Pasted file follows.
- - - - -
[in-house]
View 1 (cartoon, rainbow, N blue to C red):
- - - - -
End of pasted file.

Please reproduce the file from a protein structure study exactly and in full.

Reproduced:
[in-house]
View 1 (cartoon, rainbow, N blue to C red):